October 20, 2008


My Experience with the Turbo Oven

For today's kitchen tip I'm following up on a promise I made last week. Some of you are wondering what a turbo oven is. You can see one here, and now you have an idea of the price also.

I'll tell you up front, the turbo oven is not super fast at cooking food. It definitely doesn't match the microwave when it comes to speed. It is, however, faster than a conventional oven, and is useful for cooking things that you wouldn't cook in a microwave.

What it is:

It is very simply a countertop convection oven. Convection ovens use a fan to force heated air to circulate around the food. Convection ovens cook food faster and at a lower temperature than conventional ovens.

What I like about it:

It was great having this oven during the hot summer months. It is very rare that I use my regular oven during the summer. The turbo oven allowed me to do things like roast a chicken without heating up the kitchen. Even in the winter I plan on using it this way unless I have something else to go in the oven with it.

I like the way it reheats food much better than the microwave. For example, when I reheat leftover pizza (gluten-free of course)in the microwave, it softens the crust but leaves it rather spongy. When I reheat pizza in the turbo oven, I place the pieces directly on the rack that sits in the bottom of the bowl, set the temperature 400 and heat it for several minutes. The crust comes out soft inside, but nice and crisp outside.

I have never liked meat cooked or reheated in the microwave. It always seems to come out tough and rubbery. I can heat leftover meat in the turbo oven by putting it on a plate and setting the plate on the rack. I set the temperature to 350 and heat it as long as necessary. The meat stays tender, has great flavor, and I often think it tastes better than the first time.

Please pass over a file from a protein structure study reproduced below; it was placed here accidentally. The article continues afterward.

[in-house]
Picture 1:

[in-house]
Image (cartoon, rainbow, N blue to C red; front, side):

The glass bowl is easy to clean. With the top removed you take the bowl out of its stand and wash it in the sink. If there is stuck on food, simply add some soapy water to the bowl, put the top back on, and heat it at a low temperature for a few minutes.

What I heat/cook in the turbo oven:

Whole chickens (it browns nicely and cooks at 400 degrees for about 10 minutes per pound)
Roast beef (although I usually use my pressure cooker for that)
Roast potatoes
Roast vegetables
toasted bread
frozen french fries
other frozen foods
some baked items (see below)
casseroles (see below)

What the turbo oven is not good at heating/cooking:

liquids in a glass container (the glass gets hot, not the liquid)

baked goods - I have tried corn bread and cinnamon rolls. They quickly get brown on top because it is closest to the fan. The glass dish (I also tried a silicon pan) didn't allow the bottom to heat well. I wasn't about to let anything go to waste, though, so I simply flipped the items over in their dish and cooked the bottom. They didn't look quite as nice, but they got cooked through and tasted good.

casseroles - Again, the glass dish is the problem. When food is in a dish with sides, it is mainly heated from the top. Casseroles can work if it is an item you can stir occasionally as it heats.

A big drawback for many people is the size. I am fortunate enough to have space for it on my counter. I don't like to leave appliances on my counter that are not used regularly, but this one definitely is. It has been used almost every day to either cook or reheat something or both.

If you are considering buying one and have question, I'd be happy to help as much as I can.

For more kitchen tips visit Tammy's Recipes.


hi, love your blog! Cornbread looks great! Thank you for your kindness in offering the book giveaway. This is a great way to be support for new people, too. Elyse, elyseandjoe@bellsouth.net
Gluten-Free Quick & Easy: From Prep to Plate Without the Fuss - 200+ Recipes

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